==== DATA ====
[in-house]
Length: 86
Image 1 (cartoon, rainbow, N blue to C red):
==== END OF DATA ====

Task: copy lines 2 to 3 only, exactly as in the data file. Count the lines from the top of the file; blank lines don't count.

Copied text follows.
Length: 86
Image 1 (cartoon, rainbow, N blue to C red):